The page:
Taxpayer's return for the taxable year ended April 30, 1947 did not contain any report on page one of the items includible in its gross income, but in a schedule entitled "Statement of Operations-Fiscal Year Ended April 30, 1947" attached to the inside portion of the return, taxpayer reported and computed its "gross profit" as follows:

"Income

From Construction Contracts, rental of

equipment, etc. $1,471,581.08

Plus: Unpaid Accounts Receivable 4/30/46 10,674.04

1,482,255.12

Deduct Unpaid Accounts Receivable 4/30/47 217,931.43

Sales - Cash Basis 1,264,323.69

Cost of sales

Job Costs 1,323,032.16

Small Tools Consumed [red]848.08

Job Expenses 4,336.86

Yard Rent 270.00

1,326,790.94

Less - Discounts 1,947.60

1,324,843.34

Plus - Accounts Payable - Unpaid 4/30/46 23,747.57

1,348,590.91

Less - Accounts Payable - Unpaid 4/30/47 158,310.09

1,190,280.82

Gross Profit 74,042.87

If the "gross profit had been computed by taxpayer upon the accrual basis, such computation would have been as follows:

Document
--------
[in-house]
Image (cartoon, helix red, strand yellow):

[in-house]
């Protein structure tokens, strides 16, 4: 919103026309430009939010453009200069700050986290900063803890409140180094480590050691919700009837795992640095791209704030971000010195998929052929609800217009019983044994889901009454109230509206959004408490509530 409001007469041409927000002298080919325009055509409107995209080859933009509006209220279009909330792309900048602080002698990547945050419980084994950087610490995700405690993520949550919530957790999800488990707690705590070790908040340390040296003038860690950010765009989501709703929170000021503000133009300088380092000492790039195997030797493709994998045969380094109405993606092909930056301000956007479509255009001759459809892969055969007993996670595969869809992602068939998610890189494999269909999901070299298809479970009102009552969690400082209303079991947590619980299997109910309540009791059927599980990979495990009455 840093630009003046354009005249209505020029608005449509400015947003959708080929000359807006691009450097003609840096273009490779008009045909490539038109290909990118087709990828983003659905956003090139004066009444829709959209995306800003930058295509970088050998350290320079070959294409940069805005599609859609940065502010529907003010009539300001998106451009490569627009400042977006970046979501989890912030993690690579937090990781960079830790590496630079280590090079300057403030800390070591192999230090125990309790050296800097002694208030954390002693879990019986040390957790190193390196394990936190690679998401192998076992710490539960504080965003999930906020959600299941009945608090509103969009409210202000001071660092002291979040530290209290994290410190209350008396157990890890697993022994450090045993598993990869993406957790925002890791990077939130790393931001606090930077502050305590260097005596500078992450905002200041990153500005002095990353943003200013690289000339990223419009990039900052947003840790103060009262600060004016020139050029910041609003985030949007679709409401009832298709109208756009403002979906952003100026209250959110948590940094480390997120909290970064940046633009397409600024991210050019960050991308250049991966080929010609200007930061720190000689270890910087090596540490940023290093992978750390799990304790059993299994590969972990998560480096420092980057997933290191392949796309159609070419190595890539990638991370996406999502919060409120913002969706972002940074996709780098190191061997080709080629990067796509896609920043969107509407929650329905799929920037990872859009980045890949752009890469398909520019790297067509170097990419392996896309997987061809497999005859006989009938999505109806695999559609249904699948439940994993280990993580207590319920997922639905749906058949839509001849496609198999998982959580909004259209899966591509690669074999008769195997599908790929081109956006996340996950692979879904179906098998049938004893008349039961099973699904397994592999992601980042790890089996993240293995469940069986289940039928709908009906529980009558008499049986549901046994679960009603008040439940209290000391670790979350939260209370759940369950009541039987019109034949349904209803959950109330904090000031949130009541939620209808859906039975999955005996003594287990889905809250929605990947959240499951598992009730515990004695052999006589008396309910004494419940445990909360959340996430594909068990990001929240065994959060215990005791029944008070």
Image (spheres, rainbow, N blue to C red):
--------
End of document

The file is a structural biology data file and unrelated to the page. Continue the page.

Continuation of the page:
Income

From Construction Contracts, rental of

equipment, etc. $1,471,581.08

Cost of sales

Job Costs 1,323,032.16

Small Tools Consumed [red]848.08

Job Expenses 4,336.86

Yard Rent 270.00

1,326,790.94

Less - Discounts 1,947.60

1,324,843.34

Gross Profit 146,737.74

The Tax Court concluded that the taxpayer had omitted from its gross income reported for the taxable year ended April 30, 1947 amounts properly includible therein which were in excess of 25% of the gross income reported, within the meaning of section 275(c) of the Internal Revenue Code, 26 U.S.C.A. The Court held that the five-year statute of limitations imposed by section 275(c) applied, that the statute had been suspended by the filing of the taxpayer's petition in the Tax Court before the expiration of the five-year period and that the claim for the deficiency based on the omission of the sum of $72,694.87 having been made at or before the Tax Court hearing, the claim was timely and should be allowed. 20 T.C. 610. The taxpayer then brought the case to this court for review.